Who is Kalki Bhagwan Who Once Predicted Death of Organised Religions and Now Faces I-T Heat?
Taxmen have seized unaccounted cash worth over Rs 45 crore in Indian currency, another Rs 15 crore in foreign currencies and 88kg gold during raids at the godman's ashram spread across Andhra Pradesh, Tamil Nadu and Karnataka.
File photo of self-proclaimed godman Kalki Bhagwan; (right) cash seized by I-T department officials from one of his ashrams.
Bengaluru: He calls himself “Kalki”, the 10th and the last Avatar of Lord Vishnu. His followers call him “Kalki Bhagwan”. He has several ashrams and lakhs of devotees.
After almost a decade of him keeping a low profile, the spotlight is back on this self-proclaimed godman from Tamil Nadu. The Income Tax department has raided his ashrams in Andhra Pradesh, Tamil Nadu and Karnataka.
According to an official statement, they have seized unaccounted cash worth over Rs 45 crore in Indian currency, another Rs 15 crore in foreign currencies and 88kg gold. Being hailed as one of the biggest tax raids in recent times, the unofficial figures are said to be much higher.
Some say the I-T department has seized documents detailing his properties all over, including abroad. He may or may not be a godman with divine powers, but he is certainly a man with a remarkable business acumen.
The ‘Kalki’ was popular during the 1990s and early 2000s in south India. Strangely, his popularity started declining after that and there was not much talk about him.
In India’s overcrowded godmen market, Kalki perhaps lost the power to stay ahead of other new-age gurus. In the last 10 years, he had confined himself to his circle of followers and did not expand much.
However, the I-T department did not forget him. The recent raid and the ongoing investigation into the enormous wealth he has accumulated over the years have now turned the “godman” into a big economic offender raising several questions over claims of him being a ‘Bhagwan’.
Born as V Vijayakumar, the 70-year-old became a “godman” in the 1990s. In the mid-1980s, with the help of Sri Hari Khoday, a liquor baron from Karnataka, he had set up a residential school in Chittoor district of Andhra Pradesh.
The school was an informal one loosely based on philosopher Jiddu Krishnamurthy’s Valley School concept. Before that, he was a clerk at the Life Insurance Corporation (LIC). In the early 1980s, he and his friend Shankar had briefly worked at the Valley School, Bengaluru, in the administration department. The school management had thrown out the duo in 1984 for undisclosed reasons.
In early 1990s, the students of his new school claimed that they had seen or experienced several miracles at the school and it became a big news within no time.
After the so-called miracle, Kalki shut his school and set up an ashram. Soon it grew into a mammoth “spiritual” centre spread over 50 acres. A 2002 media report claims that his ashram was worth over Rs 300 crore then. Between 1995 and 2010, he grew in stature as well as economically, attracting tens of thousands of new followers every year.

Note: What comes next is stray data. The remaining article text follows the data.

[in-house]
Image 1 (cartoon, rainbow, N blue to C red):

His wife Padmavathi started claiming that she too has divine powers and devotees call her Bhagwathi. His children claim that they also have divine powers like their parents. According to a former devotee from Bengaluru, it is a family business and no outsider has any say in the affairs of their ashrams.
Even though he claims that he is spiritual, Kalki preaches materialism. He tells his followers to enjoy life to the fullest and he sees nothing wrong in the material pleasures of life.
Like followers of many other godmen, his devotees believe that Kalki can cure anything — from cancer to kidney failure — through his miracles. Unlike others, he rarely gives darshan. Sometimes only once in six months.
He offers an enlightenment course to devotees for a fee and lakhs of people are said to have attended it. He once called himself a spiritual supermarket saying that he can show Jesus to a Christian, Rama to a Hindu and so on.
However, controversies are not new to him. During the height of his popularity, some people had alleged that Kalki was keeping their children at his ashram against their will, though nothing much had come out of it.
There were also some I-T-related charges, but all that was given a quick and quiet burial. A police officer from Karnataka who had received complaints against Kalki in the early 2000s said that in most cases, complaints were withdrawn or the children came out in public telling that they were staying at the ashram out of their own will.
“His wealth was quite visible even during those years, but the taxmen did not bother much,” he said.
In 2002, Kalki had famously predicted that all organised religions would die between 2005 and 2012 and only his sect will thrive. It is an irony that he has been proved wrong and the opposite is now happening.
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